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Crisis of Faith: Addressing Doubt and Disillusionment

Every person of faith knows that the journey of faith is not always easy.

Christians are aware that Jesus Himself warned believers against thinking that living a life of faith was an easy choice: “Enter by the narrow gate; for the gate is wide and the way is easy, that leads to destruction, and those who enter by it are many. For the gate is narrow and the way is hard, that leads to life, and those who find it are few.” (Matthew 7:13-14) One of the ways in which the journey of faith is hard is that people of faith are often beset by doubt.

This happens even to some of the most renowned people of faith who ever lived. Mother Theresa of Calcutta, who is revered as a saint in the Roman Catholic Church and is an example for millions of the power of faith, suffered through lengthy periods of scorching and tormenting doubt. She wrote: “I call, I cling, I want, and there is no one to answer, no, no one. Alone. Where is my faith? Even deep down…there is nothing…I am told God loves me, and yet the reality of the darkness and coldness and emptiness is so great that nothing touches my soul.”

Yet Mother Theresa persevered in faith, hoping in the God whom she knew was there amid her darkness and coldness and emptiness, and she prevailed. The Jewish scholar Julia Andelman asks: “Is doubt really a bad thing? Or, is doubt potentially healthy and productive for one aspiring to faith? From the biblical Moses to Moses Maimonides, some of our greatest leaders have wrestled with faith. Maybe being a person of faith goes hand in hand with being a person of doubt.”

Andelman points out that “some of our earliest texts seem to take for granted the phenomenon of failing to find God. We see this in the Psalms. ‘My God…why have you forsaken me? Why are you so far from helping me, from the words of my call?…I cry…but you do not hear’ (22:2-3).” She concludes that the Bible seems to understand a despairing, futile search for God as a commonplace, even fundamental, human experience.”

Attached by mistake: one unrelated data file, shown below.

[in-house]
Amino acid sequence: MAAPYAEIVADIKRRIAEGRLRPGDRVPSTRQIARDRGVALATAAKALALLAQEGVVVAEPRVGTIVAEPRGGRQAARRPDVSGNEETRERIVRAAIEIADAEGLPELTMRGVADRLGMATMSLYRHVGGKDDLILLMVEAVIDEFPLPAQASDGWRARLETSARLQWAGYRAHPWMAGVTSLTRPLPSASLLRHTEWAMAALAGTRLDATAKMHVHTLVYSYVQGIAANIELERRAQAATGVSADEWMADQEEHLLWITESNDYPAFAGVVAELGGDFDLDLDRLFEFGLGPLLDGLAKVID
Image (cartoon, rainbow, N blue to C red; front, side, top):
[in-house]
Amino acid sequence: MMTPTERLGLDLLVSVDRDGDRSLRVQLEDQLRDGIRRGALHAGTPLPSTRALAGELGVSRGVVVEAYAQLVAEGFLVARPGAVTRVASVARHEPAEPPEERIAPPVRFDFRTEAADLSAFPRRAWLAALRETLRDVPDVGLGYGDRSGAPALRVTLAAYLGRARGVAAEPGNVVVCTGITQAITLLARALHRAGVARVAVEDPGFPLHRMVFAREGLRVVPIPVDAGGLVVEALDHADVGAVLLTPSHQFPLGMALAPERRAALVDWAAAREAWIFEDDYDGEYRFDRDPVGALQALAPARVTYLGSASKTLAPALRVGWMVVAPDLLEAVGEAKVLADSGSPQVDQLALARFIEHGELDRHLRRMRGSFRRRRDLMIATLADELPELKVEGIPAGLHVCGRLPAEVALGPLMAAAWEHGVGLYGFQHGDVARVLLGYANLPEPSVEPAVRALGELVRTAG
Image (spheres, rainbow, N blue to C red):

While many people of faith who experience periods of doubt are tormented at the same time by guilt over the very fact that they’re having doubts, doubt is not the enemy of faith, or the end of faith. The Islamic Yaqeen Institute states: “Not all doubts are bad, and some can even be rewardable.” In the Christian tradition, believers are encouraged to study so as to be ready to answer questions from those who deny their faith: “Always be prepared to make a defense to any one who calls you to account for the hope that is in you, yet do it with gentleness and reverence.” (I Peter 3:15)

This involves not denying that doubts can occur to a believer, or running away from those doubts, but confronting them honestly and openly, and allowing them to lead us to a deeper and fuller understanding of our faith. Individuals who struggle with their faith can profit from a study of their faith’s foundations, and from becoming acquainted with the common objections to their faith, and the responses to those objections.

At the same time, people of faith must avoid the temptation of reducing the experience of faith to a series of rational propositions to be defend with logical arguments. Believers who experience doubts should not be afraid, or assume that their search for the divine is hopeless and will always be fruitless. They should also bear in mind that faith is not a matter of rational argumentation, although it is by no means irrational; it is suprarational, beyond rationality, and thus not easily quantifiable in intellectual categories.

People of faith who see others in their communities struggling with doubts can help by being supportive to the one who is suffering from doubts, reassuring the doubter that it is no sin or moral defect to have doubts, and answering questions as well as possible. Above all, people of faith need to lend their spiritual support to doubters, praying for them and helping them experience the blessings of a life of faith that are available to those who are willing to say yes to the divine and take the leap of faith.

Often doubts can be overcome by introducing the doubter to the deep wisdom that can be found in faith traditions, wisdom that makes sense of our existence in ways that have sustained human beings all over the world from time immemorial. As God says: “My word…that goes forth from My mouth…shall not return to Me empty.” (Isaiah 55:11) It never does.

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